Coronavirus Relief Proposal Halted

The move means prospects are dim that bipartisan talks will resume for a new stimulus package. 

September 11, 2020

WASHINGTON—Yesterday, Senate Democrats, along with one Republican, voted to block the GOP coronavirus relief measure, thus ending hopes for a second stimulus package, the Washington Post reports. The move will likely mean no new economic stimulus bill will be passed before the November elections, despite rumors that the House may attempt to move yet another version in the coming weeks.

The 52-47 vote included Sen. Rand Paul (R-KY) voting no; the measure needed 60 yes votes to clear procedural hurdles. The failure comes as Federal Reserve officials have requested more financial assistance to keep the economy afloat. Many benefits under the Cares Act have fizzled out, and extra unemployment benefits expired at the end of July, with many states not participating in the expanded unemployment benefits made available by President Trump’s executive order.

In May, House Democrats approved a $3.4 trillion bill that would continue some of the Cares Act measure and add other initiatives, but the White House and Republicans nixed that measure, citing unexpended funds from the CARES Act still being available and balking at funds for Democrat priorities they claim are not directly coronavirus related. Now, both sides have dug in, and things have reached a stalemate.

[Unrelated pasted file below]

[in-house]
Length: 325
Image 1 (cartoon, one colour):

The defeated GOP measure included liability protections for businesses, a second round of the Paycheck Protection Program and had earmarked new funds for small businesses, schools and coronavirus testing, plus a $300 weekly unemployment benefit to replace the previous Cares Act $600 weekly benefit. The liability provisions in the bill were taken from Senator John Cornyn’s SAFE to WORK Act, which NACS strongly supports because it would protect businesses from frivolous lawsuits provided they took reasonable efforts to mitigate the spread of the coronavirus.  Notably, the GOP bill didn’t include another stimulus check for individual Americans nor aid to state and local governments, which is a top priority for House Democrats.

Congress needs to move ahead this month to avert a government shutdown when funding expires on Sept. 30, the end of the fiscal year. Republican and Democrat leaders have reportedly already agreed to move funding legislation separate from any new coronavirus stimulus legislation. Lawmakers are discussing short-term spending bills that would keep existing government spending through the election or possibly into next year.

Coronavirus Resources

NACS has compiled resources to help the convenience retail community navigate the COVID-19 crisis. For news updates and guidance, visit our coronavirus resources page.